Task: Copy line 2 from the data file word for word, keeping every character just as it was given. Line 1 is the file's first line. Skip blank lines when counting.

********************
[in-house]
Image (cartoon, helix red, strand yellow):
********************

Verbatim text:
Image (cartoon, helix red, strand yellow):